One of the things I love about being sabbatical is the way new experiences and old texts come together in stimulating ways. In the last week a small phrase in 2 Chronicles 35 leapt out at me in the light of some of the things I’ve been observing in the USA. Let me try to unpack…
The later chapters of Chronicles are in many ways depressing books – cataloguing a list of leadership failures in the Kings of Israel and Judah. The general trend is down and most of the Kings fail to follow the Lord, but the odd one jumps out because of their commitment to follow God and we can learn from their choices.
Josiah is one such leader – he’s introduced in 2 Chronicles 34:1-2 in a wonderful way:
Josiah was eight years old when he became king, and he reigned in Jerusalem thirty-one years. He did what was right in the eyes of the Lord and followed the ways of his father David, not turning aside to the right or to the left.
And we often pick up on his commitment to the Word of God and reform. But it was his example in leadership that jumped out at me. He calls the people of God to celebrate the Passover – something they haven’t done in many years. Here’s how it is described in 2 Chronicles 35:1-2:
Josiah celebrated the Passover to the Lord in Jerusalem, and the Passover lamb was slaughtered on the fourteenth day of the first month.2 He appointed the priests to their duties and encouraged them in the service of the Lord’s temple.
This was a new thing in the sense that they hadn’t celebrated it for years) and Josiah demonstrates wonderful leadership. First, he gives clear instructions at every stage to people who weren’t sure what they should do. Second, he leads by example by generously providing resources for the Passover (see 2 Chronicles 35:7 – and the way the modelling is mirrored by his officials in 2 Chronicles 35:8-9). And thirdly, and this is my focus in this post, he encourages them – did you see that in verse 2?
The word comes from a root which means ‘strengthen’ or ‘grow firm’ – there is no more important need when you’re embarking on a new endeavour. (The same root word is behind all the exhortations to Joshua in Joshua 1:6-9). But to encourage others is a positive leadership trait in any context.
One of the things I have noticed in America is that they are much better at encouraging and affirming on another than their British brothers and sisters. At a conference I attended every speaker was introduced in such positive and glowing terms that as a Brit, I almost felt uncomfortable. In the UK we would probably have poked fun at the speaker or limited ourselves to the most general observations. But these were heart-felt expressions of appreciation of the blessings and personal benefits received from the ministry of the other person.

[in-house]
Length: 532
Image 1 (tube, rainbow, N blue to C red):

And it isn’t just in conferences. In almost every day to day context I found Americans to be more positive and affirming than Brits (please bear with the sweeping generalisations in this post – you will understand that there are exceptions that prove the rule in both countries). Having spent a couple of days with academics who are experts in the field of leadership I found myself encouraged and affirmed in an extraordinary way. Folk we met and stayed with had an extraordinary capacity for thankfulness in every situation.
Back to Josiah. One of the brilliant ways in which he demonstrated leadership was to encourage those who served under him. Encouragement is the oxygen that feeds the fire of commitment and influence. It enabled the people to do something that had never been done “since the days of Samuel the prophet” (35:18) – which (for a time at least) galvanised them in the service of the Lord. As leaders, then, we neglect encouragement at our peril.
In what ways are you already using the powerful tool of encouragement?
Are there people you lead who would benefit from encouragement in the work they are doing?
How can you find new ways of encouraging those you lead/serve?
1 thought on “Leadership lessons in unexpected places – the power of encouragement”
Encouraged to read this, Phil!
From reading “Watching the English” (Kate Fox), I think these observations fit in with what she describes as “negative politeness” and “positive politeness”. With negative politeness (UK), being polite is about not causing a person any offence (by generally keeping out of the way), whereas positive politeness (USA) leads you to to actively do something to show respect.
I think we’d benefit from more of the “positive” acts of encouragement you mention – but the negative politeness is quite deeply ingrained…